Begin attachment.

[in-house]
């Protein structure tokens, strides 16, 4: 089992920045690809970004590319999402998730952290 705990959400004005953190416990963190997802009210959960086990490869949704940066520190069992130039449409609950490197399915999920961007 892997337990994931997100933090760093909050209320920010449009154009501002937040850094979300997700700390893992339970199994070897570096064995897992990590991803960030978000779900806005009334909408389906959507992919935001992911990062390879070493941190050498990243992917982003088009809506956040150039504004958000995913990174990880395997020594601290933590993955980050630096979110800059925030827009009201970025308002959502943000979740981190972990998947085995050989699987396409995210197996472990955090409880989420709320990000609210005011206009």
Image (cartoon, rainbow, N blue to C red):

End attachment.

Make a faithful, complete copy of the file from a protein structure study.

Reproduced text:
[in-house]
């Protein structure tokens, strides 16, 4: 089992920045690809970004590319999402998730952290 705990959400004005953190416990963190997802009210959960086990490869949704940066520190069992130039449409609950490197399915999920961007 892997337990994931997100933090760093909050209320920010449009154009501002937040850094979300997700700390893992339970199994070897570096064995897992990590991803960030978000779900806005009334909408389906959507992919935001992911990062390879070493941190050498990243992917982003088009809506956040150039504004958000995913990174990880395997020594601290933590993955980050630096979110800059925030827009009201970025308002959502943000979740981190972990998947085995050989699987396409995210197996472990955090409880989420709320990000609210005011206009």
Image (cartoon, rainbow, N blue to C red):